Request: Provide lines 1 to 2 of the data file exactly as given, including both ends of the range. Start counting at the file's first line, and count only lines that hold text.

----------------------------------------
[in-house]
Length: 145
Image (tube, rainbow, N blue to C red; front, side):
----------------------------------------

[in-house]
Length: 145